Every month, we get a list of great movies and shows that are available for streaming. Writer Mark Jordan Legan is our guide.
This week we did something a little different. Let's call it Six Degrees of Jeremy Saulnier.
Saulnier is a filmmaker who's been making movies since 2007 with his high school friend Macon Blair, an incredibly talented actor and budding filmmaker in his own right. So we're looking at two films by Saulnier that star Blair, 2013's 'Blue Ruin' and 2016's 'Green Room,' and a new film that was written and directed by Blair himself, 'I Don't Feel At Home In This World Anymore.'
BLUE RUIN (Amazon Prime)
In our first film, 'Blue Ruin,' Blair plays a beach vagrant whose life is forever changed when he learns that a person responsible for a family tragedy is getting out of prison.
One of the inspiring things about this film was that Saulnier used Kickstarter to raise money to fund the film, and it did some business in limited release but it received high critical praise – it currently has a 96% rating at Rotten Tomatoes.
GREEN ROOM (Amazon Prime)
And on the strength of that, Saulnier was able to make his next project, 'Green Room,' which came out in 2016. It also got incredibly strong reviews.
It's a dark and violent film that focuses on a struggling punk rock band trying to get through a hellish tour of dive bars and ratty clubs. But on a last minute gig, they see something that they're not supposed to - and the film becomes this taut, suspenseful cat and mouse game as the band tries and figures out how to escape.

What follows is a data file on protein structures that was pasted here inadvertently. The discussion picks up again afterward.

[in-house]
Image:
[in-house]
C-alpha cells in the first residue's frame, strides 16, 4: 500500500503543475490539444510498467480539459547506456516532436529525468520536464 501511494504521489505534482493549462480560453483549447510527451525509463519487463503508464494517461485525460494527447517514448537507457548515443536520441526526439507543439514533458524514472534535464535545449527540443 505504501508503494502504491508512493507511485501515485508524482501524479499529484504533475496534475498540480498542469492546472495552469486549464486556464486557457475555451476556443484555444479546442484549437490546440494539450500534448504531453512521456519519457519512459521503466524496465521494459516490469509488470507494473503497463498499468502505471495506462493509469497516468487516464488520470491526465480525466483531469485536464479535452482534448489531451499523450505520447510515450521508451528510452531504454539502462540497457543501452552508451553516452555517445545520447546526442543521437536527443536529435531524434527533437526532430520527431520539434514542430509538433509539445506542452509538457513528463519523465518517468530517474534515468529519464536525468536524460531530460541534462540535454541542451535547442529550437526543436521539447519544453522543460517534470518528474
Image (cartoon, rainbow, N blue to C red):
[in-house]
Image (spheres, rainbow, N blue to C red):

Green Room jumps from dark humor to sheer terror in the blink of an eye. It is highly recommended, but be advised it is violent and a bit gory.
Our last film is Blair's first feature film for Netflix, this year's 'I Don't Feel at Home in This World Anymore.'
Melanie Lynskey is splendid in the lead role of Ruth, a young woman who is having a bad go of things and what finally pushes her over the edge is when she comes home after a particularly bad day to discover her place has been burglarized.
It's full of clever insights and wry observations about today’s society and just like the other two films, there is a Coen Brothers/Quentin Tarantino feeling pulsating through all three of these movies.
Mark Jordan Legan is a writer living in Los Angeles. If you want to catch up on past segments, click here.